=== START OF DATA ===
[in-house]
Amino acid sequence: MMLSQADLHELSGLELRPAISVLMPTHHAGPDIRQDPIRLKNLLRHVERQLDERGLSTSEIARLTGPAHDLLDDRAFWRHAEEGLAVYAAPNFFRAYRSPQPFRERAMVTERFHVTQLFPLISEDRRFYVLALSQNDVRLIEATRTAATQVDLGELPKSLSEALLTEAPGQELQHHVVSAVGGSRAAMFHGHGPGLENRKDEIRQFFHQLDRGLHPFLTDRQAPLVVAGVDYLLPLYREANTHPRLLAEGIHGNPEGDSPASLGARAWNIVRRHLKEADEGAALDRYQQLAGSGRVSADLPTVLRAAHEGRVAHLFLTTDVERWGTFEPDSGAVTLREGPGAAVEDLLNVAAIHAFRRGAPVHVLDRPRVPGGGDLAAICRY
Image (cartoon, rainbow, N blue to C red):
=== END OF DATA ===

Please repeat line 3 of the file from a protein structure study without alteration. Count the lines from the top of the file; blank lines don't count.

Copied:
Image (cartoon, rainbow, N blue to C red):